An Introduction to Hekate

Hekate, goddess of pathways and crossroads, is also associated with magic, witchcraft, and ghosts. She is as well a protective goddess, particularly of women, and many houses had a small shrine to her (called a hekataion) at the door. She is often accompanied by dogs. She was never, in antiquity, depicted as a crone or old woman.

Myths and Stories

Not a great deal is known of Hekate in terms of myth; however, she is said to have received a share of earth, sea and sky, and is well-respected by Zeus.

Hekate plays a significant role in the story of Demeter and Persephone. When Demeter’s daughter Persephone was abducted, it was Hekate who heard her cries and told Demeter what had happened.

Names and Epithets

Hekate Enodia (Hekate of the Crossroad). Refers to Hekate’s role as guardian of the crossroads.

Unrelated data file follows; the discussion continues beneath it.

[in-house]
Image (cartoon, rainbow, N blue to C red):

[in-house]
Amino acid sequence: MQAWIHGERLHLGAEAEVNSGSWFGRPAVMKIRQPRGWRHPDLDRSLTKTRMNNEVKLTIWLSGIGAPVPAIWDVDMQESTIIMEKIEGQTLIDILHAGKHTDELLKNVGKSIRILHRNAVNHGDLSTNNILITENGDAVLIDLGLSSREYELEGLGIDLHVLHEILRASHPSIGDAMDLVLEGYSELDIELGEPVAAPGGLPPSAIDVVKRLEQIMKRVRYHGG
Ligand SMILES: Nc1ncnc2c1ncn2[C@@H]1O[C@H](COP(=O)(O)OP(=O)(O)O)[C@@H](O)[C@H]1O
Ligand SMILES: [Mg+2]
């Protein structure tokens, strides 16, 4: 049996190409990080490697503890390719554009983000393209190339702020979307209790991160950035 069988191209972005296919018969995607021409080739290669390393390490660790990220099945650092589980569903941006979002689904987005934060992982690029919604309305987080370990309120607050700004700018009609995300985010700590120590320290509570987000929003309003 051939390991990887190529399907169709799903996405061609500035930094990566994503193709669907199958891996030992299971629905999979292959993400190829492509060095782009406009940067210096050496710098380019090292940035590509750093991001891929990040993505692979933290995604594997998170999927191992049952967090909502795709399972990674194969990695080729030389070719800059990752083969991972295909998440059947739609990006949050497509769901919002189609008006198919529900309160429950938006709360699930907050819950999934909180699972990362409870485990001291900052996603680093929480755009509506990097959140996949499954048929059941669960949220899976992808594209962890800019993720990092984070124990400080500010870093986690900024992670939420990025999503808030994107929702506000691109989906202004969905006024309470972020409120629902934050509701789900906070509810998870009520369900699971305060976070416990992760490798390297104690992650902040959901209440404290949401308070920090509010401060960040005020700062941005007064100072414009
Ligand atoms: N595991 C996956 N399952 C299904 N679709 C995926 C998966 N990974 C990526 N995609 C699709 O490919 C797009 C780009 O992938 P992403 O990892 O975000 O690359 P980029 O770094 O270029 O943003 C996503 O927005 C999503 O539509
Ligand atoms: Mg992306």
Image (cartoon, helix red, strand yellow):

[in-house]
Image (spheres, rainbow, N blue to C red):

Hekate Chthonia (Chthonic Hekate). References Hekate’s connections with the underworld as a psychopomp.

Hekate Kourotrophos (Hekate Nurse of the Young). Refers to Hekate’s protection of children and other young animals.

Worship and Festivals

Hekate’s worship may have originated in Caria, and her most important cult center was Lagina. She was especially dear to women. She did not have a large public cult but was frequently honored within the home, and many homes had a hekataion–a small shrine to Hekate–at the door.

As a crossroad goddess she received offerings at the crossroads during the dark moon of each month.

Symbols and Attributes

Hekate is often depicted in art carrying torches, both a reminder of her role in the reunion of Persephone and Demeter and of her role as a goddess of protection in the night. She is frequently accompanied by her sacred animal, the dog, and is often shown carrying keys.

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